Whether you are going through the licensing process for your field, facing an initial job interview, or you’re up for a promotion, you should factor the term "background check" into your conversation. And, because background check policies vary at each company, take the time to understand the policy at your perspective or current place of employment.
What’s included in a Background Check?
In essence, a background check is what an employer uses to ensure that you are a safe hire. These checks can look into many facets of your personal history—from criminal records and driving records to educational credentials and professional licenses. A background check might even include a process where an HR representative calls your past employers to verify facts about your work history.
How Often Are Background Checks Conducted?
With this is mind, perhaps a better question than "What is a background check?" is "How frequently are background checks conducted?" Many job searchers and employers are confused about this, and for good reason: there is no "standard answer" about how often employers will perform background checks.
The frequency of background checks will vary depending on the employer, the position, and the field or industry. The good news is that most employers fall into one of the three categories when implementing a background check policy at their organization.
Some companies will only ever run a pre-employment background check. This screening is ordered at some point during the interview process and often, after a conditional offer of employment has been extended. Once the applicant "passes" the background check, they will be hired and will not have to undergo additional background checks during their tenure at the company.
Think of these companies as a members-only club of sorts: once you're in, or you’ve passed a background check once, you don't need to worry about re-entry (or re-testing). On the surface, these “one and done” background check policies sound smart. They save the company money by not going back and re-checking all of their employees every few years, and the employees don't have to worry about anyone digging around in their past unless they apply for a promotion or new job within the company.
Although you could argue that these background check policies are flawed because they essentially make the assumption that background information is static. On the contrary, a background check only provides a snapshot of a person's background at one given time. If that person commits a crime after they are hired, or if their professional license is revoked, the employer might never know about it. Most businesses that maintain a one-time background check policy also have an "honor system" in place that requires employees to disclose new criminal convictions. Unfortunately, employees will often opt not to disclose, for fear that their recent criminal activity will result in termination.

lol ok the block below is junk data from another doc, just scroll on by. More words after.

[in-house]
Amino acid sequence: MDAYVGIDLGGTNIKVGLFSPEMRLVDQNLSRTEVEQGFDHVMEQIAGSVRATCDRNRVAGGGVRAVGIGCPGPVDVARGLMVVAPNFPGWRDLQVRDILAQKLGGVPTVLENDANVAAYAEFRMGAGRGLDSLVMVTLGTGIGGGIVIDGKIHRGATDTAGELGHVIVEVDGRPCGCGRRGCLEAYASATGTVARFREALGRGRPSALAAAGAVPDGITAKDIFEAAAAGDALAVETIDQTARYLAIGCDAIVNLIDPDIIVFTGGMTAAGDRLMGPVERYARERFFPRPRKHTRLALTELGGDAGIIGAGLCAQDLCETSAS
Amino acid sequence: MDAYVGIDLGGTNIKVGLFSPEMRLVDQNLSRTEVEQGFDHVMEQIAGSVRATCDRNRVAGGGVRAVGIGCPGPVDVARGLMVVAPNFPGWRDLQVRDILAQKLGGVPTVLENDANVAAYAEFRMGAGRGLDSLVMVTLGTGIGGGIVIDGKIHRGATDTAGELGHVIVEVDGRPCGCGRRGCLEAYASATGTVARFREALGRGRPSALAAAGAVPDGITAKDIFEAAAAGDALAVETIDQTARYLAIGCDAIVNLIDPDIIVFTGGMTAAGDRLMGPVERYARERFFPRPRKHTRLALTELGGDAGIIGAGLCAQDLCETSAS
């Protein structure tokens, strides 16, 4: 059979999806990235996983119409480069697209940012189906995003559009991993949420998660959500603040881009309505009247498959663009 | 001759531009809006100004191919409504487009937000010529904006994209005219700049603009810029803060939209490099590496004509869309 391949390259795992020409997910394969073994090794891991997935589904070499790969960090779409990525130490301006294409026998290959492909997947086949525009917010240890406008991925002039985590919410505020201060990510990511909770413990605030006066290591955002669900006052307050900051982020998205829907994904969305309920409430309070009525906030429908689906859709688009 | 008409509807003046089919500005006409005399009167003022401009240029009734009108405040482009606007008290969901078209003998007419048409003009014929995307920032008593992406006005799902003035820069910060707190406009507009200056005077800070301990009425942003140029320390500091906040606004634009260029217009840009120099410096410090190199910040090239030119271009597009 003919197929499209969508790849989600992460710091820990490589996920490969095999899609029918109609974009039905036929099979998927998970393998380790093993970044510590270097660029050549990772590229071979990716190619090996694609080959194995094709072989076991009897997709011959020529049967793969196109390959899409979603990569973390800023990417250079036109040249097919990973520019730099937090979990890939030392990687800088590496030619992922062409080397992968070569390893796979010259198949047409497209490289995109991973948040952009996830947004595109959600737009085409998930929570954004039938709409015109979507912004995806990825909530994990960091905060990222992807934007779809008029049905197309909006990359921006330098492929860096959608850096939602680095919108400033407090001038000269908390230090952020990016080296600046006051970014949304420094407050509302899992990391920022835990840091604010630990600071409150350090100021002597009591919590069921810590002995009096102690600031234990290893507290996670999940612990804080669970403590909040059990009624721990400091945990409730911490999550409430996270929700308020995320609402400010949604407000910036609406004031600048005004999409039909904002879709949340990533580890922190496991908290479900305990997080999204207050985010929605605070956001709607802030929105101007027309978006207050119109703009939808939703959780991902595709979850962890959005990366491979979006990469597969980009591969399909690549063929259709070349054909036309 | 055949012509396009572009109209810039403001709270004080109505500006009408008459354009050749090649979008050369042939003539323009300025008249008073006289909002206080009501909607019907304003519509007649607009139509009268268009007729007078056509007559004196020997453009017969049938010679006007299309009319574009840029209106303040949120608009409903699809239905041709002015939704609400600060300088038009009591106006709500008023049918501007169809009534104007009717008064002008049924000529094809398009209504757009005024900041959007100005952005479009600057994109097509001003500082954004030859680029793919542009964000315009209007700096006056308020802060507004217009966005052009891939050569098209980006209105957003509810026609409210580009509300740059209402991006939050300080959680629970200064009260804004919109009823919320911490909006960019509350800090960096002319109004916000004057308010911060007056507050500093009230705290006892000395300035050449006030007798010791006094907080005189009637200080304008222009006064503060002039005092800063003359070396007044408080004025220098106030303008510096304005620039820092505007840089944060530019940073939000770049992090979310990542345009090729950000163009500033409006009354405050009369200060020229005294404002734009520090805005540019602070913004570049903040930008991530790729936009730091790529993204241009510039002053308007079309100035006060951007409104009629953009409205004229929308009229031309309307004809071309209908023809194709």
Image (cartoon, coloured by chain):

At Random Background Checks
Another type of background check policy is the random ongoing kind where a background check is conducted around the point of hire for each employee. Then, the company later will randomly select a handful of employees every year to undergo a repeat check.
The goal of these types of policies is twofold: first, the repeat background checks give employers a way to find out if their workers have committed crimes recently, lost their professional licenses, etc.
Second, random screening policies like this help to keep employees accountable. Just like companies will implement random drug testing to promote a drug-free workplace, random background checks can give employees an incentive to come forward and disclose something like a criminal conviction. In other words, random background checks can help make "honor systems" more effective.
Regularly Scheduled Policies
The final variation of background check policy that your employer might observe is one in which screenings are regularly scheduled for all employees. However, how regularly the company runs background checks can still vary. It can be annually, every five years, or even every decade.
Regardless of the frequency, the basic idea behind these policies is always the same. The company keeps track of how long you have been working for them, and uses those dates to decide when they will run another background check on you—just like dates are used to schedule raises or performance reviews.
The goal of this policy is the same as with random background checks: to keep employers informed about what their workers are doing, and to keep workers accountable for disclosures and such. The execution is what changes, with the company spending more money and running more checks to create a more fail-proof method.
It’s easy to see why background checks are steadily becoming a common word in employment circles. Subsequently, applicants and employees should ensure they understand the policies and procedures fully.
If you are confused about the background checks at your organization, contact an HR representative to ensure that you can regularly access the policy and any updates that occur during your tenure.
Michael Klazema has been developing products for pre-employment screening and improving online customer experiences in the background screening industry since 2009. He is the lead author and editor for Backgroundchecks.com. He lives in Dallas, TX with his family and enjoys the rich culinary histories of various old and new world countries.